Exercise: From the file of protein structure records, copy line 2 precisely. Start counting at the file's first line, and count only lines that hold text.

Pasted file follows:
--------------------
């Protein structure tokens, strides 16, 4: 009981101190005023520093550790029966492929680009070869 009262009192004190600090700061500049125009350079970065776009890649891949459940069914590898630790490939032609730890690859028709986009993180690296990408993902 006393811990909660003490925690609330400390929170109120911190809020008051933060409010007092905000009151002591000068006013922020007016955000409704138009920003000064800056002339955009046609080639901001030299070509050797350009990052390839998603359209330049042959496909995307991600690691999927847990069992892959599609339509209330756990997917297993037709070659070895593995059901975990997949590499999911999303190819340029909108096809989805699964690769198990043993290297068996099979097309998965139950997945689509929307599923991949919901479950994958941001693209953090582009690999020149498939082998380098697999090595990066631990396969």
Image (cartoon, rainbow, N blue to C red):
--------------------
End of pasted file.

Image (cartoon, rainbow, N blue to C red):